Top Chef: Texas - Let the Games Begin

Top Chef: Texas - Let the Games Begin

I have absolutely no tolerance for reality shows of any kind, and I watch little food television programming aside from Chopped, Alton Brown and the PBS Saturday morning line-up. I do not understand the modern paradigm of chef as rock star. I don't know why food blogging has become so entrenched in the pop zeitgeist that it has become a plot line for The Simpsons.

In other words, although I am a food lover and a food writer and a consumer of most things food culture-related, I am not the target audience for Top Chef. In fact, I have never watched a single episode before. To date, my closest run-in with Top Chef has been insulting Tom Colicchio on Twitter and then getting my ass [rightfully] handed to me via DM by the chef himself.

And were it not filming in Texas this season, I would likely not be watching this latest "cycle" either. But it is. And your great State spent $400,000 of your tax dollars getting Bravo here, so I feel obligated to cover the show as a public service. Let's see how accurately the show portrays Texas, or how blatantly it exploits our many stereotypes; let's see exactly how the world desires to see us.

And let's see a Texas without its largest city, while we're at it. Let's see a Texas bereft of the fourth largest city in the nation, and the one that arguably houses the best and most forward-racing food scene. Am I pissed off that Bravo passed up Houston? Absolutely. But not only out of a sense of civic pride -- but because it's so hideously fascinating to see how easily Houston was carved off Texas's carcass like a piece of meat the producers deemed useless, as if we don't even exist.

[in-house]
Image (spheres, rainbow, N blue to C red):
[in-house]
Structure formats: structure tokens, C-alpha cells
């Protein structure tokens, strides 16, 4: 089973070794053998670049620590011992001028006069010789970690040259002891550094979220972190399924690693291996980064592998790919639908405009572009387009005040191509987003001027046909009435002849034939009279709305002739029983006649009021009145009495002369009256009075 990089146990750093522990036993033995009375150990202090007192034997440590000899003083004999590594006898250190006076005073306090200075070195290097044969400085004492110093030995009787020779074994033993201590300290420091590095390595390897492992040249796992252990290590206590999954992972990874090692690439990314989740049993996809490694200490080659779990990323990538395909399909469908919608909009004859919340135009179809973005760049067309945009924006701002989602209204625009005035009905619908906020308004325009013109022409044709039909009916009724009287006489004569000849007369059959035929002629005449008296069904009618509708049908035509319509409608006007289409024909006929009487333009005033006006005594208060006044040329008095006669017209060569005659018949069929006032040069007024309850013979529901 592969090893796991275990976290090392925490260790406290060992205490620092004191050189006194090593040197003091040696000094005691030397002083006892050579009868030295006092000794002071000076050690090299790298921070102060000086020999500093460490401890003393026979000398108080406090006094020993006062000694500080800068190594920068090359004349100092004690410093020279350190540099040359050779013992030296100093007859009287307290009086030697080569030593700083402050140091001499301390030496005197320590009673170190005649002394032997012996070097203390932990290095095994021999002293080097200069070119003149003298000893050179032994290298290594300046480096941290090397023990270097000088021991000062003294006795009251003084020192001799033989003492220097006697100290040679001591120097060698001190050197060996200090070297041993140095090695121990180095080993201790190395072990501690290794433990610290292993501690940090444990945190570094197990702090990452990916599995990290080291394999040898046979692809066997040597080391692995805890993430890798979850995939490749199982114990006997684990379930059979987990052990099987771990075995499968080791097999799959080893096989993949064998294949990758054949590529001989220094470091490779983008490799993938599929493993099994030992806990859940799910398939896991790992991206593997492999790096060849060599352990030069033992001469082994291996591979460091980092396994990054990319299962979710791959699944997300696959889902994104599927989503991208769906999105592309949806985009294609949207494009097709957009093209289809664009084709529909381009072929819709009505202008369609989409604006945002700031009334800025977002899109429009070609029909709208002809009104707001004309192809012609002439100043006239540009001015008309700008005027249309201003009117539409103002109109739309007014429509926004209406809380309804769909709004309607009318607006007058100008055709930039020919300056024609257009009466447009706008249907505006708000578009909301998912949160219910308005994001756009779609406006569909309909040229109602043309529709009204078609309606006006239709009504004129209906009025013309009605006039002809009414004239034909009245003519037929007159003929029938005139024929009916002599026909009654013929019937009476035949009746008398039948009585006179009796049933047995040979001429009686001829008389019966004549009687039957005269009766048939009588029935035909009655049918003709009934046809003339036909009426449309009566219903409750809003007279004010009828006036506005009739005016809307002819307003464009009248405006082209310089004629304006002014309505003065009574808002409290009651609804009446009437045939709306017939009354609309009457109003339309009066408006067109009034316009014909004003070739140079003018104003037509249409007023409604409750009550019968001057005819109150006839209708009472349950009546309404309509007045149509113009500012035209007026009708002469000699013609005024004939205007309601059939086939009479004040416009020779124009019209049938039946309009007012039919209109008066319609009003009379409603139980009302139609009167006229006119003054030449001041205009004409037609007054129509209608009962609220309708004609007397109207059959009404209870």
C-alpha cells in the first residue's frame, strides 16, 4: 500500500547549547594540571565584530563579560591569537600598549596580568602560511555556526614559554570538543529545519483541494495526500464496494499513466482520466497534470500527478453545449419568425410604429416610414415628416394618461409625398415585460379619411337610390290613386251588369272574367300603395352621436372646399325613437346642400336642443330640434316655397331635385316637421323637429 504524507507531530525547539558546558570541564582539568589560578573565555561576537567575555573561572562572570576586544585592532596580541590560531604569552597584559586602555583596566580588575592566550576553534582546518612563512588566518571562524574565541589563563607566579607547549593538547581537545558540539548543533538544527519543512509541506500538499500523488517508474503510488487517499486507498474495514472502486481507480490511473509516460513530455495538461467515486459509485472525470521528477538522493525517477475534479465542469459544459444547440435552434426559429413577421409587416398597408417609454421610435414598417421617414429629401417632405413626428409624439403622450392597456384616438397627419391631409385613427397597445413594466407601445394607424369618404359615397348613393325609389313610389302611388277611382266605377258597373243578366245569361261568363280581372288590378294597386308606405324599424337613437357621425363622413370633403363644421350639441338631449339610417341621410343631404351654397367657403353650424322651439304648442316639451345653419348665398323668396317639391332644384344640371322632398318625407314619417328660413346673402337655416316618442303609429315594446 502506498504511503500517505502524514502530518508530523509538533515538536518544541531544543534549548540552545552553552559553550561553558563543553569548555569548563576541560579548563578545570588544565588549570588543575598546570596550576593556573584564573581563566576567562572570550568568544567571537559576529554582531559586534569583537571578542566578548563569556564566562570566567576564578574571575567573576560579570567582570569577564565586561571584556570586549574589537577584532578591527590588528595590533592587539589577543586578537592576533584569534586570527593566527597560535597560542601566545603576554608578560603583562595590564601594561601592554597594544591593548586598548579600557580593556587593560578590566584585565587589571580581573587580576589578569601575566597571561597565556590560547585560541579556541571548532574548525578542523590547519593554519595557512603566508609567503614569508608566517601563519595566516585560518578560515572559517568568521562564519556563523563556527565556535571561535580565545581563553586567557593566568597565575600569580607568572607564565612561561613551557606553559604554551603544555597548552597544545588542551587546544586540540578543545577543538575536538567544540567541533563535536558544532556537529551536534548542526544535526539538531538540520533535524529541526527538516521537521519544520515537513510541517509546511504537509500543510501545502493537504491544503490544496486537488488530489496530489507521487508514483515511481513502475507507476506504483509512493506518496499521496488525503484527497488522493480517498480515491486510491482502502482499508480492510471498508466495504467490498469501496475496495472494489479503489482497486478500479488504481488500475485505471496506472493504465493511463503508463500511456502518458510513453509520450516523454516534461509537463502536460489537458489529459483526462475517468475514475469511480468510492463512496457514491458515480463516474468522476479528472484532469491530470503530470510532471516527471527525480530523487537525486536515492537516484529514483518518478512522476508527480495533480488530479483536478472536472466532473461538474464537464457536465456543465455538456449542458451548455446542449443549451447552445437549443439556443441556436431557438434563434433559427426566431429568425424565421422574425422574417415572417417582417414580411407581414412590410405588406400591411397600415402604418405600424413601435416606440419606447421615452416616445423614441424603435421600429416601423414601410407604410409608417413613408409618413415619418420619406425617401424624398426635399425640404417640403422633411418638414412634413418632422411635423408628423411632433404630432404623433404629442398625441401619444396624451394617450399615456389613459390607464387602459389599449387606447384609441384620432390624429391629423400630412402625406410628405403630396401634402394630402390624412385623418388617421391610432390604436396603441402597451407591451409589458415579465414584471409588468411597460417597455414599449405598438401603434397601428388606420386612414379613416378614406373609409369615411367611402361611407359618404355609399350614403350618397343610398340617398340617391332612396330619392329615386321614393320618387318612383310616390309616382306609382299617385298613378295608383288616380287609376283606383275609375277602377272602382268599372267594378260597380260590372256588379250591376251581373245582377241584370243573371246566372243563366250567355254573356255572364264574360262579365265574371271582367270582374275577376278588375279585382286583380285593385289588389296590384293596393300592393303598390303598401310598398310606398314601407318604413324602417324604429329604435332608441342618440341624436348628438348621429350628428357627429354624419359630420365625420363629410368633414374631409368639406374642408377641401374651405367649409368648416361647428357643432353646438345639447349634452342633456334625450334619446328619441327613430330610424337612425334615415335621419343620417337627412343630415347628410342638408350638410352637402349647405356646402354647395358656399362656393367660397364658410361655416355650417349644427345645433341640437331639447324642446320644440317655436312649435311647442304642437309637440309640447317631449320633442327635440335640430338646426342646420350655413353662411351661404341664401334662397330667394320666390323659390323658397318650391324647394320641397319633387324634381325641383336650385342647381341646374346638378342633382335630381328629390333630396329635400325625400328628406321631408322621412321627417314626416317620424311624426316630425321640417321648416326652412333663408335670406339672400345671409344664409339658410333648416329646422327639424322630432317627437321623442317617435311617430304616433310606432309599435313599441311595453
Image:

With that introduction, let's get to the recap -- my very first recap of a television show, ever -- and straight to the ugliest part of the show: the opening credits.

So many cheftestants, so few fucks to give.
So many cheftestants, so few fucks to give.

The opening graphic listing three of the NOT LARGEST CITIES IN TEXAS is already embarrassing me. Also, there are roughly 50 establishing shots of boots or boot stores or neon signs shaped like boots. And, of course, some calf roping. Therefore, as a proud seventh-generation Texan who neither owns boots nor calves, I already want to shoot myself.

...and Padma's in front of the Alamo. Of course she is. Because we are nothing if not the national consciousness's hackneyed memories of bad John Wayne movies with no concept of the underlying history of the Alamo itself. I wonder if these chefs are as unimpressed with the Alamo as every other tourist ever. They sure look like it, but that could be because there are 1,574 of them and only 16 "real" slots on the show past these first two episodes. I hope they tear each other's throats out like mad dogs.

In that vein, I already hate this Tyler Stone kid. Someone please tear his throat out immediately so I don't have to hear bullshit like this all season long: "I've cooked for many celebrities, politicians..." That's not how you introduce yourself, asshat. How about where you've worked? For whom?

Non sequitur to: "This is really fucked up." You said it, random lady chef.